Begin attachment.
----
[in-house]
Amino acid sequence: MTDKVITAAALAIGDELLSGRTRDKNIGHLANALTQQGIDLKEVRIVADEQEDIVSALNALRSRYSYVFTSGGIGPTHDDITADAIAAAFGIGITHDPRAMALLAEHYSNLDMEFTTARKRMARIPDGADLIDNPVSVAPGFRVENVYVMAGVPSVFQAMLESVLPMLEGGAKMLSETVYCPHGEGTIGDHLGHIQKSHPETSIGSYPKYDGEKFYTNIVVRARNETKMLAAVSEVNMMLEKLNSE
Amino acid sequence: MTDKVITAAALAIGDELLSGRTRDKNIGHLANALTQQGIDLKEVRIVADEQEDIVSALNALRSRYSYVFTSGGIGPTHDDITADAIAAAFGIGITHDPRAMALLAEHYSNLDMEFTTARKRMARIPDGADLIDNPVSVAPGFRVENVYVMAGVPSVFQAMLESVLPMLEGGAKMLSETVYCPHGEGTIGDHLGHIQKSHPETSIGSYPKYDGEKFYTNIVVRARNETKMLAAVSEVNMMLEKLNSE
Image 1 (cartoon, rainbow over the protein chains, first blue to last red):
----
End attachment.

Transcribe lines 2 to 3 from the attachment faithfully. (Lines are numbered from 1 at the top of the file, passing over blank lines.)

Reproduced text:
Amino acid sequence: MTDKVITAAALAIGDELLSGRTRDKNIGHLANALTQQGIDLKEVRIVADEQEDIVSALNALRSRYSYVFTSGGIGPTHDDITADAIAAAFGIGITHDPRAMALLAEHYSNLDMEFTTARKRMARIPDGADLIDNPVSVAPGFRVENVYVMAGVPSVFQAMLESVLPMLEGGAKMLSETVYCPHGEGTIGDHLGHIQKSHPETSIGSYPKYDGEKFYTNIVVRARNETKMLAAVSEVNMMLEKLNSE
Amino acid sequence: MTDKVITAAALAIGDELLSGRTRDKNIGHLANALTQQGIDLKEVRIVADEQEDIVSALNALRSRYSYVFTSGGIGPTHDDITADAIAAAFGIGITHDPRAMALLAEHYSNLDMEFTTARKRMARIPDGADLIDNPVSVAPGFRVENVYVMAGVPSVFQAMLESVLPMLEGGAKMLSETVYCPHGEGTIGDHLGHIQKSHPETSIGSYPKYDGEKFYTNIVVRARNETKMLAAVSEVNMMLEKLNSE